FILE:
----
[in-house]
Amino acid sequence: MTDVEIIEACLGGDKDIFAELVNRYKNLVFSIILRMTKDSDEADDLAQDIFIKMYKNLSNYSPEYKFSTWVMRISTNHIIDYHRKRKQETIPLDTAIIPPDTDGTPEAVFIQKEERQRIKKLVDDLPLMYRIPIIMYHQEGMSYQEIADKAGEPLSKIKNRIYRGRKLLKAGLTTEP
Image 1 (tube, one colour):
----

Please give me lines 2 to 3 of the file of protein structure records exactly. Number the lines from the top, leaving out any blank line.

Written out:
Amino acid sequence: MTDVEIIEACLGGDKDIFAELVNRYKNLVFSIILRMTKDSDEADDLAQDIFIKMYKNLSNYSPEYKFSTWVMRISTNHIIDYHRKRKQETIPLDTAIIPPDTDGTPEAVFIQKEERQRIKKLVDDLPLMYRIPIIMYHQEGMSYQEIADKAGEPLSKIKNRIYRGRKLLKAGLTTEP
Image 1 (tube, one colour):